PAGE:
The proposal would mandate that independent reviews be conducted in use-of-force incidents involving deaths or intentional discharges of firearms that result in injuries or deaths. The findings of those reviews would be reported to state attorneys.

House Speaker Chris Sprowls, R-Palm Harbor, touted the measure’s passing Monday in the House.

“About 90 percent of Americans want at least the same or more policing in their community. House Bill 7051 continues to build faith and trust in law enforcement,” Sprowls said in a statement.

Attorney General Ashley Moody also backed the measure.

“These are steps that are going to go a long way to start building that relationship between law enforcement and the communities they serve. I’m so proud of the folks that have worked on this,” Moody told The News Service of Florida.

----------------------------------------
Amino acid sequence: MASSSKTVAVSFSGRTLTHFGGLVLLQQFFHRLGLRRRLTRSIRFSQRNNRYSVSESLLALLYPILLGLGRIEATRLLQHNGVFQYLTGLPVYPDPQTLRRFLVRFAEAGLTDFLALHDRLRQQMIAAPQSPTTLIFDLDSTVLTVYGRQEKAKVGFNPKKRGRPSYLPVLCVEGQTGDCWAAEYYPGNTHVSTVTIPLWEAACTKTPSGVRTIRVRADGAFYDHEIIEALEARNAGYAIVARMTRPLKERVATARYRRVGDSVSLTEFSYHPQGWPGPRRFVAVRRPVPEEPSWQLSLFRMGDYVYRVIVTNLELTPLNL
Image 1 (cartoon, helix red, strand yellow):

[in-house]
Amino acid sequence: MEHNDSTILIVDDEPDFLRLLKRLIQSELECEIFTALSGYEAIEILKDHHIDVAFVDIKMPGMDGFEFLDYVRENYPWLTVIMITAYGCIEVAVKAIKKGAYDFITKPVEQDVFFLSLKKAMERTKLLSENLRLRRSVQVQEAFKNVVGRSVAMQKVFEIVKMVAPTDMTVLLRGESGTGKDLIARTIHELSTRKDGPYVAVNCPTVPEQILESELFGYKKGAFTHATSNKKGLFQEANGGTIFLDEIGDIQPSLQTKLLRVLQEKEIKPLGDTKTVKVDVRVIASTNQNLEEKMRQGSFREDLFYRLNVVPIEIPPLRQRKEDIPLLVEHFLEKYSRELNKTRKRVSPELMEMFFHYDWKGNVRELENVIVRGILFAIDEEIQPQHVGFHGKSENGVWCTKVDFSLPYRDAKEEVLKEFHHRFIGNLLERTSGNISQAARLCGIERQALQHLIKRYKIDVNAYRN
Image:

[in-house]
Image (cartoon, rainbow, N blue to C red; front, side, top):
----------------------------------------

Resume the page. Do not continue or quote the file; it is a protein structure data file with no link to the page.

—News Service staff writer Tom Urban contributed to this report

4 Responses to "Senate Moves Quickly on Policing Bill"

  1. Police have ALWAYS been taught “deescalation” and use of the minimal use of force necessary. The difference now days is the amount of “folks” who think nothing of resisting arrest & fighting police (of course we need to address why the person is being arrested in the first place – as Tony says: STOP COMMITTING CRIMES). As in so many issues – this has been turned up side down: the police are NOT the problem.

  2. “Thurston, who is Black, said he is “still concerned” when he thinks about potential interactions between police and his nearly 30-year-old son.”